ROME (Reuters) - An Italian appeals court has ruled it cannot hear a case against Morgan Stanley in a derivatives case which included a request for 2.7 billion euros ($3 billion) in damages from the U.S. bank.
The ruling, seen by Reuters in a document filed on Thursday, confirms a decision taken in June by Italy’s Court of Accounts saying it did not have jurisdiction in the matter.
The case revolves around Morgan Stanley derivative transactions made by the Italian state between 1995 and 2005 and terminated in December 2011 and January 2012.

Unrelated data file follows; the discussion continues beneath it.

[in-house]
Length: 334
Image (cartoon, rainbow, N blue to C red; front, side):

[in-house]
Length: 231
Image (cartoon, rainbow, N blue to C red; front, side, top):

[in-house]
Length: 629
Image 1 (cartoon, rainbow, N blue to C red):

The Italian state incurred large losses on its derivative positions.
State prosecutors had argued some contracts negotiated with the U.S. bank were speculative in nature and contained termination clauses that were overly advantageous to the bank.
Morgan Stanley said it welcomed the judgment and did not comment further. In the past the bank has repeatedly said the claim was groundless.
The case also includes claims against former senior officials at Italy’s Treasury for a total of 1.18 billion euros. All the defendants have denied any wrongdoing.
“It’s the right ruling, which fully reflects the defence’s reasons,” said Mario D’Urso, the lawyer representing former Treasury Director General Vittorio Grilli.
Prosecutors in the case can appeal the decision to Italy’s Supreme Court.
Reporting by Domenico Lusi, writing by Stephen Jewkes; Editing by Jon Boyle and Kirsten Donovan